So now there’s talk among the higher reaches of the Labour government to put together some sort of commission, or study group, to look into whether the Special Relationship has been damaged by the Libyan prisoner fiasco. Given that the government, and the Labour party, have acted dishonourably throughout this whole affair, this takes more than a little cheek, but it’s what we expect from a government and party led by Gordon Brown, who, if anything, is proving to be a duplicitous and mendacious as his predecessor—but whose sights are set considerably lower. Blair wanted to run the world (and, indeed, still does)—Brown just wants to stop the weekly explosions that have characterized his government since he became Prime Minister two years ago.
But it’s the Special Relationship that’s of interest here. We were, I admit, somewhat surprised to learn, when we arrived on these shores eleven years ago, that this was still a major concern. We thought this was something that Churchill and Roosevelt had during that last good war, but had died a slow death from attrition. Certainly we weren’t giving it a lot of thought when we moved here. But it was surprising, still, to discover that it’s taken very seriously here.
Recently this has been crystallized by the release in Scotland of convicted Lockerbie bomber Abdelbaset Ali Mohmed Al Megrahi from prison on compasionate grounds—he’s dying of cancer. But the affair is shrouded in enough mystery to keep tongues wagging. The following, from The Telegraph (so consider the source) is fairly representative of some of the reaction to this move:
But the growing transatlantic fall-out is likely to worry Downing Street more.
The New York Daily News, an influential newspaper, told readers that Mr Brown’s behaviour during the Megrahi affair had ruined relations between London and Washington.
In a stinging editorial it stated: “It was Winston Churchill who asked in the aftermath of Pearl Harbour, ‘What kind of people do they think we are?’,” the newspaper said. “And it is Gordon Brown who has given grounds to believe that today’s British are a cowardly, unprincipled, amoral and duplicitous lot. Because he is all of those.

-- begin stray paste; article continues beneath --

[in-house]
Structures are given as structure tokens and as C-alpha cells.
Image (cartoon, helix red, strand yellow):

“As for the “special relationship” between the US and Britain, the storied alliance built on the resolve of World War II and carried on through Thatcher and Blair, through Iraq and Afghanistan: It is, in a word, gone.”
In the same edition, Michael Rubin, from the right-wing American Enterprise Institute think-tank, wrote that as well as enraging the US government, Mr Brown had also failed to gain anything from Libya in return.
He said: “Not only did Libyan celebrations destroy the goodwill which Prime Minister Gordon Brown hoped would jump-start Anglo-Libyan relations, but his clumsy and transparent attempt to substitute an oil contract for justice has shredded the seven-decade U.S.-U.K. Special Relationship beyond repair.”
The Wall Street Journal, the influential international newspaper, also sharply criticised Mr Brown’s handling of the affair in its editorial column.
It said that the release of the documents had cast yet more doubt on ministers’ insistence that the release had been a matter only for Scottish administration.
The newspaper said: “The more we learn about the British Government’s negotiations over the release of Lockerbie bomber Abdel Baset Megrahi, the more it appears we aren’t getting the whole story from Prime Minister Gordon Brown and his Cabinet.”
Larry Korb, a senior fellow at the left-leaning Center for American Progress think-tank, said the fall-out was serious.
He said: “The feeling in the US is disappointment that our oldest ally and one we rely on would be a party to this.”
Well, boo-hoo. Only The Telegraph, by the way, would tell us that The New York Daily News is an influential newspaper, as opposed to The Wall Street Journal, which is an influential international newspaper. Leaving aside the fact that the US does not have anything like “release on compassinate grounds” in its legal system, while a number of European countries do, there are a whole lot of other issues here as well. First, the broader point to keep in mind is that the Scottish government, in releasing Megrahi on comassionate grounds, was entirely within its legal rights. It was not bound by any side deal Blair may have cut with Washington to keep Megrahi in prison—if Blair made any such deal in the first place. Second, it’s not as clear-cut as is supposed in the US that Megrahi is in fact guilty. There are any number of people, including the head of the victims’ families group here in the UK and others, who remain convinced that Megrahi was railroaded into this. We don’t imagine that this story was widely broadcast in the US media, but it’s s pretty widespread feeling here. (Although there are an equally large number of people who are convinced of Megrahi’s guilt. We’re agnostic—we don’t know enough one way or the other to say.) But here’s a convenient summary, from Marcel Berlins in The Guardian: